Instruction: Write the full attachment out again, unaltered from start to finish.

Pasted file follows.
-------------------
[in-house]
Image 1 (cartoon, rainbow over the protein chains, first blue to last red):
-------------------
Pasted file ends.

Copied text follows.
[in-house]
Image 1 (cartoon, rainbow over the protein chains, first blue to last red):